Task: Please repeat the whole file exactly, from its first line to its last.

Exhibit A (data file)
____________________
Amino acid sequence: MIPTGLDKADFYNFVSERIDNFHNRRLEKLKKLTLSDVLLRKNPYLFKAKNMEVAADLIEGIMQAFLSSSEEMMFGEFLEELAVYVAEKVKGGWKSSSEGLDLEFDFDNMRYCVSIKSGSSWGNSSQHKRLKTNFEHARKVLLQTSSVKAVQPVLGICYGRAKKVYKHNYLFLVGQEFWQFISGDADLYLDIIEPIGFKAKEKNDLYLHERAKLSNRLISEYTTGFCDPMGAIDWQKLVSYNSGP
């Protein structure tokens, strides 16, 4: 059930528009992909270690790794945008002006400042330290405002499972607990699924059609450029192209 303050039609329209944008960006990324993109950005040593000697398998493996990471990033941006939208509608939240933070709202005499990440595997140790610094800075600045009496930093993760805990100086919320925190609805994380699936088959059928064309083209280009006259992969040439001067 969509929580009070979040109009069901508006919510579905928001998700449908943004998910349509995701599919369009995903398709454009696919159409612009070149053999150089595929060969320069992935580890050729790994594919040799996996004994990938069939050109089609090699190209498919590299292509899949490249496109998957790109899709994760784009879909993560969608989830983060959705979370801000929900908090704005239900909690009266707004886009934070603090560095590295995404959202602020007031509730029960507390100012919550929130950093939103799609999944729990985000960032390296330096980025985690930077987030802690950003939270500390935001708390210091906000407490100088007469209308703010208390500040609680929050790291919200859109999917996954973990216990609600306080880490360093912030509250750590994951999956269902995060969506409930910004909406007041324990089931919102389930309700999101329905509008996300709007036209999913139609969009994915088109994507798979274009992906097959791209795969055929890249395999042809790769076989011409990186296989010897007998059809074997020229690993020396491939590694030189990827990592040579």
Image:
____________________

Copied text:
Amino acid sequence: MIPTGLDKADFYNFVSERIDNFHNRRLEKLKKLTLSDVLLRKNPYLFKAKNMEVAADLIEGIMQAFLSSSEEMMFGEFLEELAVYVAEKVKGGWKSSSEGLDLEFDFDNMRYCVSIKSGSSWGNSSQHKRLKTNFEHARKVLLQTSSVKAVQPVLGICYGRAKKVYKHNYLFLVGQEFWQFISGDADLYLDIIEPIGFKAKEKNDLYLHERAKLSNRLISEYTTGFCDPMGAIDWQKLVSYNSGP
């Protein structure tokens, strides 16, 4: 059930528009992909270690790794945008002006400042330290405002499972607990699924059609450029192209 303050039609329209944008960006990324993109950005040593000697398998493996990471990033941006939208509608939240933070709202005499990440595997140790610094800075600045009496930093993760805990100086919320925190609805994380699936088959059928064309083209280009006259992969040439001067 969509929580009070979040109009069901508006919510579905928001998700449908943004998910349509995701599919369009995903398709454009696919159409612009070149053999150089595929060969320069992935580890050729790994594919040799996996004994990938069939050109089609090699190209498919590299292509899949490249496109998957790109899709994760784009879909993560969608989830983060959705979370801000929900908090704005239900909690009266707004886009934070603090560095590295995404959202602020007031509730029960507390100012919550929130950093939103799609999944729990985000960032390296330096980025985690930077987030802690950003939270500390935001708390210091906000407490100088007469209308703010208390500040609680929050790291919200859109999917996954973990216990609600306080880490360093912030509250750590994951999956269902995060969506409930910004909406007041324990089931919102389930309700999101329905509008996300709007036209999913139609969009994915088109994507798979274009992906097959791209795969055929890249395999042809790769076989011409990186296989010897007998059809074997020229690993020396491939590694030189990827990592040579």
Image: